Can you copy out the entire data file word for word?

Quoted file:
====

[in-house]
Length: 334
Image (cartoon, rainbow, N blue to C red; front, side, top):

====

[in-house]
Length: 334
Image (cartoon, rainbow, N blue to C red; front, side, top):